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Wharf Rats


Source: http://en.wikipedia.org/wiki/Wharf_Rats
Updated: 2017-03-14T18:08Z

Wharf Rats are a group of concert-goers who have chosen to live drug and alcohol free. They arose out of the environment around the rock group The Grateful Dead and their followers the Deadheads, both of which were rooted in the drugs-embracing counterculture of the 1960s.[1]

Their primary purpose is to support other concert goers who choose to live drug-free, like themselves. They announce their presence with yellow balloons, signs, and the Wharf Rats information table. At a set break during Grateful Dead (and related) concerts they hold self help style meetings but are not affiliated specifically with any 12-Step organization and have no requirement for attendance at one of their meetings besides providing some helpful drug free fellowship.[2] Like Deadheads, members of Wharf Rats come from all walks of life.[3] By 1990, the Wharf Rats mailing list had some 3,000 names.[1]

The Wharf Rats began during the early 1980s[2] as a group of Deadheads under the name "The Wharf Rat Group of Alcoholics Anonymous". The Wharf Rats originally came from a small group of Narcotics Anonymous members who went to a Grateful Dead concert in Philadelphia and located each other by their Yellow balloons with the NA symbol drawn on in Magic Marker.[4] However due to operational differences they soon split off from Narcotics Anonymous, and are not affiliated with them, NA, or any other twelve-step program, though many of members of the Wharf Rats are members of AA, NA or other 12-step programs. The Wharf Rats see themselves as "a group of friends sharing a common bond, providing support, information and some traction in an otherwise slippery environment." The relationship between the Wharf Rats and more traditional such groups has been studied in the academic journal Deviant Behavior.[1]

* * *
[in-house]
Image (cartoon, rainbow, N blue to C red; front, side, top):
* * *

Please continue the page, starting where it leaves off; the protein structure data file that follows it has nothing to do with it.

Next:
While the Wharf Rats originated at Grateful Dead concerts, they now have a presence at other jam band concerts as well. Similar groups named The Phellowship for Phish, The Gateway for Widespread Panic, The Jellyfish for The String Cheese Incident, Much Obliged for Umphrey's McGee, Happy Hour Heroes for moe., the Digital Buddhas for The Disco Biscuits, Better Than Before for The Werks and the Hummingbirds for Bassnectar all based on the Wharf Rats. But the Wharf Rats remain the best known of all of them.[2]

The name of this group comes from the 1971 Dead song "Wharf Rat" (written by Jerry Garcia and Robert Hunter and appearing on Skull & Roses), which contains the self-told story of August West, a down-and-out dockside wino.[5] At least by one interpretation, the song was aimed partly at Deadheads. [5]

References

  1. ^ a b c Epstein, Jonathon S. and Robert Sardiello. 1990. "The Wharf Rats: A Preliminary Examination of Alcoholics Anonymous and the Grateful Dead Head Phenomena." Deviant Behavior, 11: pp. 245-257.
  2. ^ a b c "Who are the Wharf Rats" Tim Power, Sobernation.com, March 2015
  3. ^ http://www.soberlawyer.com/2015/06/20/wharf-rats-a-grateful-dead-recovery/
  4. ^ [1]
  5. ^ a b "Greatest Stories Ever Told" David Todd, Dead.net

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